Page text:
Choosing The Right Red Wine
There are some people hooked on red wine, no matter the occasion. It is important that hosts cater to this preference with a carefully considered red for the table. Hosts don’t want anything too subtle here, as this wine needs enough impact on the pallet. At the same time, it can’t be so bold that it is overpowering.
Medium bodied reds are a nice middle ground with just enough depth and a pairing with different cuisine. There are some great options available from Portugal, Chile, and America.
Portugal isn’t a name associated with many high-end wines. But, there are actually some rich, enjoyable reds from this area. Some of these fuller wines have a familiar taste to those that drink port. Others will simply enjoy the chance to try something new. Hosts will just love the lower costs on this less popular region. Consumers should check out local retailer for deals on this alternative option.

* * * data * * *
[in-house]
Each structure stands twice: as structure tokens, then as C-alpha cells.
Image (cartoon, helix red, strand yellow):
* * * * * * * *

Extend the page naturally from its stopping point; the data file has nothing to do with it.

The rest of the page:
Cabernet Sauvignon from Chile
A Cab is a great bet for a dinner party as it should please a lot of different people. But, hosts that want to impress can try a different country. There is some Chilean red that taste a little fierier. Other bottles have chocolate notes. This mix should make wine tasting at a party a little more interesting. A good bet here is either Montes or Luis Felipe Edwards from the Colchagua Valley.
Pinot Noir from America
Returning a little closer to home, there are many American Pinot Noir wines that go down well with many consumers. Part of the reason for the popularity of the Pinot Noir is its consistency. There is a steady supply of grape and wine of high standards, which means lower-priced options readily available.